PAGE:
Group: Texas naval base shooter supported clerics

The suspect killed during what the FBI is calling a “terrorism-related” attack at a Texas naval air base voiced support for hard-line clerics, according to a group that monitors online activity of jihadists.

The attack Thursday at Naval Air Station Corpus Christi wounded a sailor and left the gunman dead. The gunman was identified on Friday by the FBI as 20-year-old Adam Salim Alsahli of Corpus Christi. He had been a business major at a local community college.

The gunman tried to speed through a security gate at Naval Air Station Corpus Christi, opening fire and wounding the sailor, a member of base security, U.S. officials told the AP. But she was able to roll over and hit a switch that raised a barrier, preventing the man from getting onto the base.

Nearly 39 million have lost jobs since virus took hold

WASHINGTON — The number of Americans applying for unemployment benefits in the two months since the coronavirus took hold in the U.S. has swelled to nearly 39 million, the government reported Thursday, even as states from coast to coast gradually reopen their economies and let people go back to work.

More than 2.4 million people filed for unemployment last week in the latest wave of layoffs from the business shutdowns that have brought the economy to its knees, the Labor Department said. That brings the running total to a staggering 38.6 million, a job-market collapse unprecedented in its speed.

Judge nixes bid to stop coal sales Trump revived

BILLINGS, Mont. — A judge threw out a lawsuit on Friday from a coalition of states, environmental groups and American Indians which sought to revive an Obama-era moratorium against U.S. government coal sales on public lands in the West.

U.S. District Judge Brian Morris said President Donald Trump’s administration had fixed its initial failure to consider the environmental impacts of ending the moratorium.

The administration’s opponents had argued it did not look closely enough at climate change and other effects from burning coal when it did an environmental analysis of the government’s coal program.

Trump pledged to end the moratorium prior to being elected and in office has sought to boost the industry, despite market forces that have sharply curtailed mining.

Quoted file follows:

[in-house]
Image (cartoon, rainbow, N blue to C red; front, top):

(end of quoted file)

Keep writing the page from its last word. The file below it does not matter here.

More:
Missing mother’s family haunted by ‘inhumanity’

NEW CANAAN, Conn. — Relatives of a mother of five who disappeared nearly a year ago said Friday that they are haunted by the “brutality and inhumanity” of her death and urged support for victims of intimate partner violence.

Jennifer Dulos, of Connecticut, disappeared May 24, 2019, after dropping off her and Fotis Dulos’ five children at school in New Canaan.

At the time, she and Fotis Dulos were mired in contentious divorce and child custody proceedings. Fotis Dulos was accused of killing her at her home, but he took his own life in January as he awaited trial.

In a statement on behalf of Jennifer Dulos’ family, Carrie Luft said that the couple’s children are healthy and well as they are raised by Jennifer’s mother, Gloria Farber, in New York.

First piece of Keystone XL oil sands pipeline finished

BILLINGS, Mont. — A Canadian company has built the first piece of the disputed Keystone XL oil sands pipeline across the U.S. border and started work on labor camps in Montana and South Dakota.

But it has not resolved a courtroom setback that would make it hard to finish the $8 billion project.

The 1,200-mile pipeline from Alberta to Nebraska was stalled for much of the past decade before President Donald Trump was elected and began trying to push it through to completion.

Environmentalists and Native American tribes are bitterly opposed to the line because of worries over oil spills and that burning the fuel would make climate change worse.

— The Associated Press